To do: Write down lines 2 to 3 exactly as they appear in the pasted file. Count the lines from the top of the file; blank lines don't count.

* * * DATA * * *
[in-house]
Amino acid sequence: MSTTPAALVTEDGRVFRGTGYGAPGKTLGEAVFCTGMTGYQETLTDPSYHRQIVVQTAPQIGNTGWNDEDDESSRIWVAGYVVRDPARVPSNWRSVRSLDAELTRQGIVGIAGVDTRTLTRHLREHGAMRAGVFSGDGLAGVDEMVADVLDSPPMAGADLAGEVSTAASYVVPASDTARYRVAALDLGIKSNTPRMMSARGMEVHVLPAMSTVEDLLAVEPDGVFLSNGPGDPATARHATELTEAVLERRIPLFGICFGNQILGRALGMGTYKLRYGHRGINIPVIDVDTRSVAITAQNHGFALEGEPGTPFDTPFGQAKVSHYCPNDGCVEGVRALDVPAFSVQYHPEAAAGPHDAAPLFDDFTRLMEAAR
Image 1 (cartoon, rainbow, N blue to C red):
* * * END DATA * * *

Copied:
Amino acid sequence: MSTTPAALVTEDGRVFRGTGYGAPGKTLGEAVFCTGMTGYQETLTDPSYHRQIVVQTAPQIGNTGWNDEDDESSRIWVAGYVVRDPARVPSNWRSVRSLDAELTRQGIVGIAGVDTRTLTRHLREHGAMRAGVFSGDGLAGVDEMVADVLDSPPMAGADLAGEVSTAASYVVPASDTARYRVAALDLGIKSNTPRMMSARGMEVHVLPAMSTVEDLLAVEPDGVFLSNGPGDPATARHATELTEAVLERRIPLFGICFGNQILGRALGMGTYKLRYGHRGINIPVIDVDTRSVAITAQNHGFALEGEPGTPFDTPFGQAKVSHYCPNDGCVEGVRALDVPAFSVQYHPEAAAGPHDAAPLFDDFTRLMEAAR
Image 1 (cartoon, rainbow, N blue to C red):